Lancaster County may have been thin on the ground of actual, bona fide witches, but there was no shortage of recusants in the area. England first turned Protestant in 1534 after King Henry VIII railroaded the Act of Supremacy into law. Increasingly frustrated with his marriage to Catherine of Aragon (the couple failed to make an heir together – something the King put down to God punishing him for marrying Catherine – who was originally betrothed to his deceased older brother Arthur) Henry tried to get a divorce, so he could marry Anne Boleyn – one of Catherine’s ladies in waiting. When the Pope refused to allow the divorce, the nation became Protestant overnight. Henry’s daughter Mary I reverted England back to Catholicism during her reign (1553- 58). Her persecution of Protestants earned her the nickname ‘Bloody Mary’. Elizabeth I reverted the kingdom back to Protestantism with the Acts of Supremacy and Uniformity in 1559.

The current King, James I, was Protestant. After a cabal of Catholic plotters attempted to blow him up in the Gunpowder Plot of 1605, James rushed his own legislation through – The Popish Recusants Act of 1605. Catholics were barred from public office, were required to swear an oath of allegiance to the monarch, and risked the loss of up to a third of their land if they didn’t attend a Church of England sacrament at least once a year. In 1612 orders were sent out to all the justices of the peace in Lancashire to make lists of recusants in the area.

As such, many Catholics kept their religious affiliations secret. These recusants covertly attended underground churches, run by secretive priests. Jane Southworth’s uncle Christopher Thompson was one such priest.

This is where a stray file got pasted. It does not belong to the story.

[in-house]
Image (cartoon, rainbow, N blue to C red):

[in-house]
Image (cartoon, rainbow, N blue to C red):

Christopher and Jane Southworth belonged to an aristocratic recusant family in the region – the family Patriarch Sir John Southworth of Salmesbury Hall. Sir John was openly Catholic, and refused to denounce his faith. This led to multiple arrests and fines. The family were almost completely openly, or covertly Catholic – this included Christopher – a Jesuit preacher who assumed the surname Thompson and went off the grid in to avoid the authorities. Sir John’s son, the recently deceased John Jr was married to Jane. The couple made quite a scene when they walked away from Catholicism, and began attending Anglican masses. Infuriated, Sir John disinherited John jr.

As Grace was questioned in detail by a couple of justices of the peace, it became clear the charges, originally aimed at eight women – five of whom weren’t tried for lack of evidence – had come by way of Christopher. The defections of John jr and Jane led to further defections from Christopher Thompson’s church. To get revenge, and likely to discredit the apostates before he lost all his flock, Thompson groomed Grace in her outrageous lie.

Judge Sir Edward Bromley dismissed the case, finding Jane Southworth, Jennet and Ellen Bierley not guilty. His closing remarks “ God hath delivered you beyond expectation, I pray God you may use this mercy and favour well; and take heed you fall not hereafter: And so the court doth order that you shall be delivered“

From Patreon: Owney Madden

Hey there readers and listeners, I’m going on holiday till January 25th 2023, so I’ve programmed the following posts to drop weekly until I’m back.
In September I went through my Patreon page, and re-recorded the episodes on there with new narration (I’d upgraded my podcasting rig a ways early in 2022.)
While doing so I made the first Four Episodes free to all till February. This is Three of Four.

I also put those four episodes up on YouTube in full, using iMovie, so you can listen to the episodes.